What is Organizational Learning?
Chris Argyris and Donald Schön (1978) defined organizational learning (OL) as: “the detection and correction of error”. Fiol and Lyles later define learning as “the process of improving actions through better knowledge and understanding” (1985). Dodgson describes Organizational Learning as: The way firms build, supplement, and organize knowledge and routines around their activities and within their cultures and adapt and develop organizational efficiency by improving the use of the broad skills of their workforces. (1993). Huber states that learning occurs in an organization “if through its processing of information, the range of its [organization’s] potential behaviours is changed” (1991).
A “learning organization” is a firm that purposefully constructs structures and strategies, to enhance and maximize Organizational Learning (Dodgson, 1993). The concept of a learning organization has become popular since organizations want to be more adaptable to change. Learning is a dynamic concept and it emphasizes the continually changing nature of organizations. The focus is gradually shifting from individual learning to organizational learning. Learning is essential for the growth of individuals; it is equally important for organizations. Since individuals form the bulk of the organization, they must establish the necessary forms and processes to enable organizational learning in order to facilitate change.
OL is more than the sum of the parts of individual learning (Dodgson, 1993; Fiol & Lyles, 1985). An organization does not lose out on its learning abilities when members leave the organization. Organizational learning contributes to organizational memory. Thus, learning systems not only influence immediate members, but also future members, due to the accumulation of histories, experiences, norms, and stories. Creating a learning organization is only half the solution to a challenging problem (Prahalad & Hamel, 1994). Equally important is the creation of an unlearning organization which essentially means that the organization must forget some of its past. Thus, learning occurs amidst such conflicting factors (Dodgson, 1993).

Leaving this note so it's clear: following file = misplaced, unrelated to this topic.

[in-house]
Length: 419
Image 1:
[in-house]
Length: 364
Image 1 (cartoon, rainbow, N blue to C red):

Three types of organizational learning (Argyris and Schön)
Single-loop learning. This occurs when errors are detected and corrected and firms continue with their present policies and goals. According to Dodgson (1993), Single-loop learning can be equated to activities that add to the knowledge-base or firm-specific competences or routines without altering the fundamental nature of the organization’s activities. Single-loop learning has also been referred to as “Lower-Level Learning” by Fiol and Lyles (1985), “Adaptive Learning” or “Coping” by Senge (1990), and “Non Strategic Learning” by Mason (’93).
Double-loop learning. This occurs when, in addition to detection and correction of errors, the organization questions and modifies its existing norms, procedures, policies, and objectives. Double-loop learning involves changing the organization’s knowledge-base or firm-specific competences or routines (Dodgson, 1993). Double-loop learning is also called “Higher-Level Learning” by Fiol and Lyles (1985), “Generative Learning” or “Learning to Expand an Organization’s Capabilities” by Senge (1990), and “Strategic Learning” by Mason (1993). Strategic learning is defined as “the process by which an organization makes sense of its environment in ways that broaden the range of objectives it can pursue or the range of resources and actions available to it for processing these objectives.” (Mason, 1993:843)
Triple-loop learning. This occurs when organizations learn how to carry out Single-loop learning and Double-loop learning. The first two forms of learning will not occur if the organizations are not aware that learning must occur. Being aware of ignorance motivates learning (Nevis et al., 1995). This means identifying the learning orientations or styles, and the processes and structures (facilitating factors) required to promote learning. Nevis et al., (1995) identify seven different learning styles and ten different facilitating factors that influence learning. For example, one of the facilitating factors is identifying the performance gap between targeted outcomes and actual performance. This awareness makes the organization recognize that learning needs to occur, and that the appropriate environment and processes need to be created. This also means recognizing the fact that lengthy periods of positive feedback or good communication can block learning (Argyris, 1994).
Double-loop learning and Triple-loop learning are concerned with the why and how to change the organization, while Single-loop learning is concerned with accepting change without questioning underlying assumptions and core beliefs. Dodgson states that the type of Organizational Learning also depends on where in the organization the organizational learning occurs. Thus, learning can occur in different functions of the organization such as research, development, design, engineering, manufacturing, marketing, administration, and sales.